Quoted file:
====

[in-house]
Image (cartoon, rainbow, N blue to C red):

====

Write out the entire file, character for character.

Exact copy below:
[in-house]
Image (cartoon, rainbow, N blue to C red):